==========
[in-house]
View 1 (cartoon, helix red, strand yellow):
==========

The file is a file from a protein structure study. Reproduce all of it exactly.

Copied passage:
[in-house]
View 1 (cartoon, helix red, strand yellow):